The meaning is that without fulfilling the destiny of bearing God’s Name, the Jewish nation will not succeed in establishing its political and practical existence. The weakness of the Jewish People is apparently primarily the inability to live an independent political and historical life. National strength, honor, etc. are not vital to it in the same way that they are vital to other nations. The power of the religious life of Israel on the individual plane, which protected them in exile, is also the source of their weakness, which their exile made palpable; the disconnection of national life from their religious purposes caused the deterioration of national strength and thus to the loss of national independence (see, for example, the essay “On the Progression of Ideas in Israel” in Rav Kook’s Orot).
 The source of this motto of “bearing God’s Name” is, of course, the patriarch Avraham, regarding whom it is written in several places, “and he called out in the Name of God.” The connection to the covenant stems from the verse in Devarim: “God has affirmed this day that you are His treasured people…” and the corresponding verse: “you have affirmed this day that the Lord is your God, that you will walk in His ways…” (26:17-18).
 See note 5. The claim is that deficient religious knowledge, when it appears in a national context, negatively impacts the actual existence of the political power of Israel.
 This is clearly a reference to Pinchas, who, as a result of his “being jealous with My zeal amongst them,” was given “an everlasting priestly covenant” (Bamidbar 25:11-13). Through his actions, Pinchas not only defended the norms, but the very existence of the nation, and therefore, according to Rav Kook, he was worthy of serving as a kohen, the nation’s representative before God, who is worthy of praying on its behalf and functions as its aide.
 Lack of wisdom means lack of ability to see the true place of one’s own thought and the proper place of the thought of others. When lack of wisdom combines with weakness of character – that is, lack of self-confidence and inner strength – it leads to violent aggression against one who holds a different opinion and who, according to the narrow thinking of the zealot, threatens the stability of his existence. Zeal that is not on the level of the zeal of Pinchas is a weakness, not a strength.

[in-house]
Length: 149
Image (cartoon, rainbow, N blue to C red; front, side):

That is, the monarchy, the Sanhedrin, the priesthood, etc. In context of this letter, this refers to imposing sanctions against or preventing the activity of those who damage the spirit of the people.
 David represents the majestic aspect of the Jewish people, both in the sense of the kabbalistic sefira of malkhut, of which he is bearer (in the sefiriotic table), as well as by virtue of his being both the root of the Jewish monarchy and its hope for the future. In light of this, the explanation of this sentence is: King David of Israel is alive and enduring – is he not dead? Rather, between the past, in which the Davidic dynasty was active, and the future of his messianic dynasty, there is a limited existence of Jewish majesty that does not have an actual king.
 In other words, the spiritual weakness of Israel causes the lack of motivation (will) to defend the authentic spirit of the nation from those who damage it. There is an amazing correlation between the nation’s weakness of will and lack of ability, which is, of course, a historical fact – or a halakhic fact. See the notes below.
 “R. Ila’a said in the name of R. Elazar b. Shimon: Just as it is a mitzva for a person to say something which will be accepted, so too it is a mitzva not to say something that will not be accepted. R. Abba said: It is obligatory, as it says: ‘Do not rebuke a cynic, lest he hate you; rebuke a wise man and he will love you’” (Yevamot 65b).
 “Forty years before the destruction of the Temple, capital cases were taken away from Israel[i.e., they were no longer adjudicated]. In the times of R. Shimon b. Yochai, monetary cases were taken away from Israel. R. Shimon b. Yochai said: Thank God! We are not wise enough to judge” (Yerushalmi Sanhedrin 7b).
 See Rambam, Hilkhot Teshuva 3:8: “Three are called heretics: One who says that prophecy does not exist and there is no information that reaches the human mind from the Creator; and one who denies the prophecy of Moshe; and one who says that the Creator does not know of human actions. Each of these three is a heretic. Three are deniers of the Torah: One who says that the Torah is not from God – even one verse or one word, if he says that ‘Moshe said it on his own,’ he denies the Torah; similarly, one who denies its interpretation, which is the Oral Law and who opposes those who recount it, such as Tzadok and Boethus; and one who says that the Creator replaced one mitzva with another mitzva and that this Torah has been superseded, even if it was from God, such as the Muslims. All three of these are deniers of the Torah.”
 I.e., “I do not know” or “I have no proof,” but not: “I know that it is not or that it never was.” The second type of claim is not part of intellectual inquiry; rather, it is evil, since from a philosophical viewpoint it is possible to plant doubt in faith, but not to negate it certainly. Thus, those who do so do not hold possible opinions, but are brazenly wicked.
 Yeshayahu 54:17. In other words, with regard to Israel, atheistic claims have no standing. Rav Kook’s emphasis is specifically with regard to Israel, which is certainly connected to what was said earlier regarding the fact that faith and search for God is a revelation of Jewish essence.